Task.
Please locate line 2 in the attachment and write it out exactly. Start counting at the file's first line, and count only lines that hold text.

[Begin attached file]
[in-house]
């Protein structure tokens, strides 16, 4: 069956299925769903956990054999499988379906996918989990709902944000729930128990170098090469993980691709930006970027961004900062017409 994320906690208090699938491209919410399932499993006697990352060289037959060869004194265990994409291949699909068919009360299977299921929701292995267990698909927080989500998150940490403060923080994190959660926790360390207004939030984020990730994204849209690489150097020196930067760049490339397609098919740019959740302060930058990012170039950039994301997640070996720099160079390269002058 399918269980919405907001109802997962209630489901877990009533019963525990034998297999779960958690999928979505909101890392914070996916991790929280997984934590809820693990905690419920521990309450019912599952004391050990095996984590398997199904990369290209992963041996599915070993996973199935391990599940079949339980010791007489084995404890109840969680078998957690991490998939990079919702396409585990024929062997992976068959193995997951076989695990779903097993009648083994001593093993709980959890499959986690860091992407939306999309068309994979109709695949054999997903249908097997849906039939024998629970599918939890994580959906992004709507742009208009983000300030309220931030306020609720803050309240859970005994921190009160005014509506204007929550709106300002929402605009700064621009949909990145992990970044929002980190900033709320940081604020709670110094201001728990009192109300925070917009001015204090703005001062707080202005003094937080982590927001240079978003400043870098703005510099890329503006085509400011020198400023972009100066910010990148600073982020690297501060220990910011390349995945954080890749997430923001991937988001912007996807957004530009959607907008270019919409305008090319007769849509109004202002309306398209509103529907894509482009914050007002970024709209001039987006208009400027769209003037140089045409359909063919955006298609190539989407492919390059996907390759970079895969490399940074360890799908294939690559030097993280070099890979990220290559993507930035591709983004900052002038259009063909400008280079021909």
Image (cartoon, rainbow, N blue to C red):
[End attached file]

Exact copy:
């Protein structure tokens, strides 16, 4: 069956299925769903956990054999499988379906996918989990709902944000729930128990170098090469993980691709930006970027961004900062017409 994320906690208090699938491209919410399932499993006697990352060289037959060869004194265990994409291949699909068919009360299977299921929701292995267990698909927080989500998150940490403060923080994190959660926790360390207004939030984020990730994204849209690489150097020196930067760049490339397609098919740019959740302060930058990012170039950039994301997640070996720099160079390269002058 399918269980919405907001109802997962209630489901877990009533019963525990034998297999779960958690999928979505909101890392914070996916991790929280997984934590809820693990905690419920521990309450019912599952004391050990095996984590398997199904990369290209992963041996599915070993996973199935391990599940079949339980010791007489084995404890109840969680078998957690991490998939990079919702396409585990024929062997992976068959193995997951076989695990779903097993009648083994001593093993709980959890499959986690860091992407939306999309068309994979109709695949054999997903249908097997849906039939024998629970599918939890994580959906992004709507742009208009983000300030309220931030306020609720803050309240859970005994921190009160005014509506204007929550709106300002929402605009700064621009949909990145992990970044929002980190900033709320940081604020709670110094201001728990009192109300925070917009001015204090703005001062707080202005003094937080982590927001240079978003400043870098703005510099890329503006085509400011020198400023972009100066910010990148600073982020690297501060220990910011390349995945954080890749997430923001991937988001912007996807957004530009959607907008270019919409305008090319007769849509109004202002309306398209509103529907894509482009914050007002970024709209001039987006208009400027769209003037140089045409359909063919955006298609190539989407492919390059996907390759970079895969490399940074360890799908294939690559030097993280070099890979990220290559993507930035591709983004900052002038259009063909400008280079021909």